Channel SurfingAs a follow-up to last week’s post about how to create an effective crisis communications plan, this week’s post will focus on actually executing part of it; namely, how to speak to the media and get your message across.

Avoiding the limelight may seem like an appealing option, but Toyota’s extended silence following widespread complaints of involuntary acceleration problems in their vehicles provides a cautionary tale of how a company can tarnish their own reputation by failing to react publicly. Once you do take the plunge though and make a statement, how do you ensure that you don’t make the crisis worse? Here are some pointers.

1. Explain the five “W”s – who, what, when, where and why

At the very least, you need to convey several key points to give your audience a solid understanding of what is going on. For example, you need to clearly describe the events that have taken place. You should also address the impacts the crisis is having on your organization and the people relying on your operations and most importantly the steps you are taking to fix the problem.

2. Allow room for feelings as well as facts

Regardless of whether or not your organization is to blame, people will be deeply affected by the crisis. This makes the first 30 seconds of your opening statement a critical time to step outside the role of an employee and express genuine empathy (not sympathy) towards those who are impacted. Being honest and open about your emotions will help remind viewers that you are a person and not just an organization trying to deflect blame.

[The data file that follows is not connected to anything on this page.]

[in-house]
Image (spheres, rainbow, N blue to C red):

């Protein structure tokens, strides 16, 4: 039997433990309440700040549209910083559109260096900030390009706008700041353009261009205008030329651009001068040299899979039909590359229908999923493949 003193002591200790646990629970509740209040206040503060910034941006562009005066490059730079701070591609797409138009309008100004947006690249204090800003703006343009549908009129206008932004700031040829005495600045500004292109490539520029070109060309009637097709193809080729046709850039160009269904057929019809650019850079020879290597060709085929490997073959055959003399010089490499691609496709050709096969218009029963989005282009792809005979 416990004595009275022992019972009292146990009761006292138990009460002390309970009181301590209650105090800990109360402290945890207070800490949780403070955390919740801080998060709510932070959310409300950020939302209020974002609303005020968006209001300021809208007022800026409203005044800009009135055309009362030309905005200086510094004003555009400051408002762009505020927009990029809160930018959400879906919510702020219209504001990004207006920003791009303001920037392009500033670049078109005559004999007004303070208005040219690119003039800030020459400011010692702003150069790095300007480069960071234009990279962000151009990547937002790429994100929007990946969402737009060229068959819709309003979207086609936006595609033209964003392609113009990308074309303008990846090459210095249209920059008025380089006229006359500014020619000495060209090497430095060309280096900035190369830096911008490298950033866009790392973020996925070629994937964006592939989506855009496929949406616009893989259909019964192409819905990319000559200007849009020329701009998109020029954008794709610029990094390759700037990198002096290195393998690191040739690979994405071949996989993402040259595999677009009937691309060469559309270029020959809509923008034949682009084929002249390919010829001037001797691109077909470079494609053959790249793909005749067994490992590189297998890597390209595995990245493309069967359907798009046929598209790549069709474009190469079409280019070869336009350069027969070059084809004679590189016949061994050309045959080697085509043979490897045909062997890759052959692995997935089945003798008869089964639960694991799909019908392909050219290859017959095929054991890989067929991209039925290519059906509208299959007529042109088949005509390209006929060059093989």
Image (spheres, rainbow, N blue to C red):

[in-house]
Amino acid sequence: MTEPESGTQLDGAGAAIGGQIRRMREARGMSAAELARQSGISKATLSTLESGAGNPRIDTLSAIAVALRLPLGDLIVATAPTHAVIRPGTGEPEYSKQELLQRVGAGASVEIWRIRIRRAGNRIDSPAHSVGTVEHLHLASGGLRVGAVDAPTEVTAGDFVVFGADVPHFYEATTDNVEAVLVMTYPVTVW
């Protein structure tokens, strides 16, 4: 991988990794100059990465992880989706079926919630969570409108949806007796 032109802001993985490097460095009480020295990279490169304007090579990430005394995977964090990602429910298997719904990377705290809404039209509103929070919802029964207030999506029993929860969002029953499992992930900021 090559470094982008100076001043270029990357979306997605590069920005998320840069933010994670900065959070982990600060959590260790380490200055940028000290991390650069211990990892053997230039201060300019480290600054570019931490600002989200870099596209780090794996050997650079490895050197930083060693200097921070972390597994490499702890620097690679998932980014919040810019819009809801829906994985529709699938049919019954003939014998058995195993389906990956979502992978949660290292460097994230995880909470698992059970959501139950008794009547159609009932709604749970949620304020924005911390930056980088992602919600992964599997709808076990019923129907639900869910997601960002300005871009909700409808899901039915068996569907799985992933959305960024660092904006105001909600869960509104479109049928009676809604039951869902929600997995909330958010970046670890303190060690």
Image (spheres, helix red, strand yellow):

Also, if there is a camera involved, you should look straight into it at some point. Continually averting your eyes can give the impression that you are trying to hide something.

3. Admit what you don’t know or can’t say

Pretending to know all of the answers will not only make your responses reckless but could also irrevocably damage your brand. Instead of speculating on what the right answer is or avoiding the question altogether, you should acknowledge what you don’t know and offer to follow up with the information later. Additionally, never speak for other people.

If a reporter asks you something you can’t discuss, one of the worst ways you could reply is, “No comment.” An expert in communications remarks that these two words are “the media equivalent of surrendering.” They make you look guilty and offer incentive for the media to search for the answer elsewhere. Therefore, the proper way to respond is to explain why you can’t disclose the information, e.g., you are waiting for more evidence before coming to a conclusion.

4. Get your facts straight

You should only relay accurate information. Start with your conclusions first and then provide supporting data. If you stumble on any words or make mistakes, you should explicitly state that you would like to make a clarification and then do it.

Moreover, don’t dwell on negative allegations and certainly don’t entertain “what if” questions. Write out a list of imperative takeaways and focus on those instead.

5. Repeat the message

More than likely, your audience will not remember most of what you say, which is why you should repeat your key messages several times. Use examples, comparisons and analogies to paint strong, vivid mental images of the points you are trying to portray.

6. Leave jargon to the experts and keep rambling to a minimum

If you have a broad audience, you should refrain from using scientific and technical jargon to mitigate the chances that your message will get convoluted. Likewise, don’t tell epic tales or fill time with too many minute details, as you may lose the attention of your audience or run out of time for vital messages. The best strategy is to articulate clearly and to speak in concise sentences.

7. There is no such thing as “off the record”

Even if you feel as though you have established a firm camaraderie with the media, don’t be foolish and try to talk “off the record.” You don’t have control over what gets printed and it’s nearly impossible to gain back the public’s trust once it’s gone.

Have you seen Toyota U.S. President Jim Lentz’s response as to whether or not there had been a cover-up as far back as March of 2007? Does your opinion of Toyota change for the better or worse after watching it?

Marlia Fontaine-Weisse is the Content Manager for Preparis.